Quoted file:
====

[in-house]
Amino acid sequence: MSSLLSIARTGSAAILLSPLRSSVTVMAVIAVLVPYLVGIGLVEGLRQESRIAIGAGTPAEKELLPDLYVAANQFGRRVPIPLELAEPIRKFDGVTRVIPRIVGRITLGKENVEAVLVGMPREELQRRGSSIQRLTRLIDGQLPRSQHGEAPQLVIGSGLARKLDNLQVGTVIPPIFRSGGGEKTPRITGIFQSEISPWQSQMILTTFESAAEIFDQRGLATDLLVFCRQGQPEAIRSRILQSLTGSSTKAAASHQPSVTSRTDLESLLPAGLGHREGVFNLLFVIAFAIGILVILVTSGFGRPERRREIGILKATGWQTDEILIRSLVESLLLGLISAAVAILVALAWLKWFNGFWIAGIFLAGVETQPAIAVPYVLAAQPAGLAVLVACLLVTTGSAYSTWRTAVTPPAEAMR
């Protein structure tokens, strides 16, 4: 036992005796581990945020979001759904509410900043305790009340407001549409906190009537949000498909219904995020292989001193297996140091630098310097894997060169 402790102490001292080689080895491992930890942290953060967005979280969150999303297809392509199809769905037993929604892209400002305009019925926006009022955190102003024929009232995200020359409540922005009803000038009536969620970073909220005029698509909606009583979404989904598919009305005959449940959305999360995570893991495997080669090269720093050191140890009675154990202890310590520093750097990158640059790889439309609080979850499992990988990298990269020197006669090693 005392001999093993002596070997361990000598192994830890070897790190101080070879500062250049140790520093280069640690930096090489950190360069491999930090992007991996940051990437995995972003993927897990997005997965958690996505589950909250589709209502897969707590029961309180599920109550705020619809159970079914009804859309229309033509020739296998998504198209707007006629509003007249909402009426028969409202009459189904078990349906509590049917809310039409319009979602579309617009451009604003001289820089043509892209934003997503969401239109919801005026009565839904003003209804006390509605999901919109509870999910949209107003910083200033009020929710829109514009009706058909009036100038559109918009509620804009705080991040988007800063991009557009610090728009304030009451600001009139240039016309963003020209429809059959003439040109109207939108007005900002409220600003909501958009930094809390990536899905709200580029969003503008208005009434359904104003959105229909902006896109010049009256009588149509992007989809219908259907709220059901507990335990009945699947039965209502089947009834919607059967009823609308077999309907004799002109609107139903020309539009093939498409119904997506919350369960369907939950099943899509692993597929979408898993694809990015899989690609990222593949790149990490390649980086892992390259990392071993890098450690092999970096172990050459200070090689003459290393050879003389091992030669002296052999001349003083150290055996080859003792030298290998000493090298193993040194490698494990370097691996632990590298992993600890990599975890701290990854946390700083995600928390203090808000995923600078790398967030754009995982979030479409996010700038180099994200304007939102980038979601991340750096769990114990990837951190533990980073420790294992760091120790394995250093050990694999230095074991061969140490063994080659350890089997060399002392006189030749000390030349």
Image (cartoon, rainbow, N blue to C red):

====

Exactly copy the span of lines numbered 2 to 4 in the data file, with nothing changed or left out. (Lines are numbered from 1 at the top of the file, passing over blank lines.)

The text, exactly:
Amino acid sequence: MSSLLSIARTGSAAILLSPLRSSVTVMAVIAVLVPYLVGIGLVEGLRQESRIAIGAGTPAEKELLPDLYVAANQFGRRVPIPLELAEPIRKFDGVTRVIPRIVGRITLGKENVEAVLVGMPREELQRRGSSIQRLTRLIDGQLPRSQHGEAPQLVIGSGLARKLDNLQVGTVIPPIFRSGGGEKTPRITGIFQSEISPWQSQMILTTFESAAEIFDQRGLATDLLVFCRQGQPEAIRSRILQSLTGSSTKAAASHQPSVTSRTDLESLLPAGLGHREGVFNLLFVIAFAIGILVILVTSGFGRPERRREIGILKATGWQTDEILIRSLVESLLLGLISAAVAILVALAWLKWFNGFWIAGIFLAGVETQPAIAVPYVLAAQPAGLAVLVACLLVTTGSAYSTWRTAVTPPAEAMR
């Protein structure tokens, strides 16, 4: 036992005796581990945020979001759904509410900043305790009340407001549409906190009537949000498909219904995020292989001193297996140091630098310097894997060169 402790102490001292080689080895491992930890942290953060967005979280969150999303297809392509199809769905037993929604892209400002305009019925926006009022955190102003024929009232995200020359409540922005009803000038009536969620970073909220005029698509909606009583979404989904598919009305005959449940959305999360995570893991495997080669090269720093050191140890009675154990202890310590520093750097990158640059790889439309609080979850499992990988990298990269020197006669090693 005392001999093993002596070997361990000598192994830890070897790190101080070879500062250049140790520093280069640690930096090489950190360069491999930090992007991996940051990437995995972003993927897990997005997965958690996505589950909250589709209502897969707590029961309180599920109550705020619809159970079914009804859309229309033509020739296998998504198209707007006629509003007249909402009426028969409202009459189904078990349906509590049917809310039409319009979602579309617009451009604003001289820089043509892209934003997503969401239109919801005026009565839904003003209804006390509605999901919109509870999910949209107003910083200033009020929710829109514009009706058909009036100038559109918009509620804009705080991040988007800063991009557009610090728009304030009451600001009139240039016309963003020209429809059959003439040109109207939108007005900002409220600003909501958009930094809390990536899905709200580029969003503008208005009434359904104003959105229909902006896109010049009256009588149509992007989809219908259907709220059901507990335990009945699947039965209502089947009834919607059967009823609308077999309907004799002109609107139903020309539009093939498409119904997506919350369960369907939950099943899509692993597929979408898993694809990015899989690609990222593949790149990490390649980086892992390259990392071993890098450690092999970096172990050459200070090689003459290393050879003389091992030669002296052999001349003083150290055996080859003792030298290998000493090298193993040194490698494990370097691996632990590298992993600890990599975890701290990854946390700083995600928390203090808000995923600078790398967030754009995982979030479409996010700038180099994200304007939102980038979601991340750096769990114990990837951190533990980073420790294992760091120790394995250093050990694999230095074991061969140490063994080659350890089997060399002392006189030749000390030349």
Image (cartoon, rainbow, N blue to C red):